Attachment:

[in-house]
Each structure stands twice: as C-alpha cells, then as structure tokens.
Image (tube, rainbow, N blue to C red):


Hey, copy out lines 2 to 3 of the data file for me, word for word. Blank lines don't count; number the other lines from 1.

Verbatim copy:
Each structure stands twice: as C-alpha cells, then as structure tokens.
Image (tube, rainbow, N blue to C red):